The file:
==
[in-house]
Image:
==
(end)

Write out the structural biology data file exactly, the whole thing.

[in-house]
Image: